Tuesday, January 15, 2013

Debt Ceiling: Evidence of Absence


“Raising the debt ceiling does not authorize more spending. It simply allows the country to pay for spending that Congress has already committed to.” ~ POTUS ::

:: By: Larry Walker II ::

Wow, that was enlightening. I really had no idea. Now I get it. He must be talking about last year, when Congress voted unanimously in favor of the president’s budget, then walked it over to the Senate, which also unanimously approved. That’s when Congress committed to another trillion dollars of deficit spending, right?

Too bad that never happened. In reality, the president’s budget failed to attain a single vote in Congress.

“Before taking up their own budget plan for next year, House Republicans pushed a version of President Obama's $3.6 trillion budget to the floor for a vote, and it was it was unanimously defeated, 414-0.” ~ Fox News (March 28, 2012)

“President Obama's budget suffered a second embarrassing defeat Wednesday, when senators voted 99-0 to reject it.” ~ Washington Times (May 16, 2012)

Well, perhaps he meant this year, when Congress approved an across-the-board tax hike on every American, and at the same time delayed the previously committed automatic spending cuts for two months? But wasn’t that less about spending and more about fairness (or something)?

“President Obama signed into law the American Taxpayer Relief Act (H.R. 8) late Jan. 2, permanently extending the 2001 and 2003 tax cuts for individuals earning up to $400,000 and postponing automatic, across-the-board spending cuts for two months.” ~ Bloomberg BNA (January 7, 2013)

Now I’m confused. Exactly when did Congress commit to another trillion dollars in deficit spending?

Evidence of Absence

Evidence of absence is evidence of any kind that suggests something is missing or that it does not exist. For example: If it's raining outside, then the streets will be wet. So it may be assumed that if the streets are not wet, then it is not raining outside. Does that make sense? If so, then so should the following:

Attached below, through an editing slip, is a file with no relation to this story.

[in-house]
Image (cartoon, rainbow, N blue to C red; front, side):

The national debt increases when government spending is out of control, so if the national debt does not increase, then government spending is under control.

So what is a debt ceiling? Is it not a limit which prevents the nation from incurring additional debt, beyond a level which Congress has already committed to? If so, then POTUS may have it backwards (as usual). If raising the debt ceiling does not authorize more spending, as POTUS so stated, then it may also be said that, not raising the debt ceiling does not authorize less spending. But that’s just nonsense.

I hate to spoil the party, but since the previous increase to the debt ceiling has already been spent, we must conclude that government spending is indeed out of control. Thus, the real issue is not whether Congress should raise the debt ceiling (once again), but rather who, or what, keeps authorizing the federal government’s blatantly obvious spending problem.

Let us be clear. The absence of positive action to increase the debt ceiling will cause the size of government to decrease. Contrariwise, the act of raising the debt ceiling leads to increased spending, more indebtedness, higher taxes and bigger government. If the debt ceiling is not raised, then the federal government must live within its means. So what’s it going to be? Shall we begin living within our means, or will we trudge forward, wantonly borrowing, seemingly without limit?

References:

Evidence of Absence

Appeal to Ignorance (Shifting the Burden of Proof)

Argument from Ignorance

List of Fallacies

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